“Simply put, the Jimmy Carter years look like the good old days compared to where we are right now,” Paul Ryan quipped to a crowd at East Carolina University on Sunday night. As ABC News has found, some of the data Ryan invoked to support this conclusion is just wrong. Ryan said in 1980, 330,000 businesses filed for bankruptcy; it was more like 44,000. He said that 1.4 million businesses filed for bankruptcy in 2011; it was about 48,000. The numbers Ryan used were personal bankruptcy figures, which he passed off as business bankruptcies.
But what about Ryan’s broader claim, that, in his words, Obama “can’t tell you that you’re better off”? It’s difficult to substantiate. By just about every metric, the economy is doing better than it was in January 2009 (that is, of course, a low bar to clear, as the economy was falling off a cliff in January 2009). And while Obama’s tenure has seen consistent, albeit insufficient, economic progress, things actually got much worse over Carter’s tenure.
Ryan mentioned that the unemployment rate is higher under Obama than it was at this point in Carter’s term. Very true – but this leaves out that the rate is currently falling, whereas it was rising under Carter:
What’s more, unemployment kept getting worse after Carter left office, peaking at 10.8 percent in November and December of 1982, a full 0.8 points higher than the peak in Obama’s tenure, reached in September 2009. But the main reason people remember the Carter years so dismally is that inflation was truly out of control. If anything, it’s been too low under Obama:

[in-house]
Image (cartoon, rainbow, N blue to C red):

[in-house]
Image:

Obama has averaged 1.6 percent annual CPI growth – well under the 2 percent target the Fed tries to hit. Carter averaged an astonishing 9.4 percent inflation rate, with a peak of 14.6 percent in March and April of 1980. Economists often use the sum of the inflation and unemployment rates — commonly termed the “misery index” — as a proxy for economic hardship. That index was much, much worse under Carter than under Obama and, again, it had a worrisome trajectory:
What’s more, growth under Carter was incredibly erratic and when the economy started shrinking, it started really shrinking, by 7.9 percent in quarter two of 1980 alone. That’s well above the 5.3 percent shrinkage of Obama’s first, and worst, quarter, and close to the 8.9 percent contraction of the fourth quarter of 2008:
Obviously, standards of living have gone up tremendously since 1980. After over 30 years of technological advances and economic growth, it’d hard for that not to be the case. So there aren’t many Americans for whom 2012 is a worse year than 1980, for reasons totally unrelated to Obama or Carter’s performance on the job.
But one thing all the above data shows is that, Ryan’s protestations aside, Carter’s term actually saw the economic situation deteriorate whereas Obama’s has seen it improve. It hasn’t improved enough, or quickly enough, but the trajectory is positive. For Carter, by contrast, things were getting worse and fast.